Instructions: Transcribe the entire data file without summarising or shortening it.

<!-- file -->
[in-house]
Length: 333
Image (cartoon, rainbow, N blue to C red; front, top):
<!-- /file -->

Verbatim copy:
[in-house]
Length: 333
Image (cartoon, rainbow, N blue to C red; front, top):